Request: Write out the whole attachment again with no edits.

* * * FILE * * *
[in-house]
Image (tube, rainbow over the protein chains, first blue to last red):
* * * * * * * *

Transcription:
[in-house]
Image (tube, rainbow over the protein chains, first blue to last red):